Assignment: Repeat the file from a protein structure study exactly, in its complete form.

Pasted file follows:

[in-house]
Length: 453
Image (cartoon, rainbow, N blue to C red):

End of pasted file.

[in-house]
Length: 453
Image (cartoon, rainbow, N blue to C red):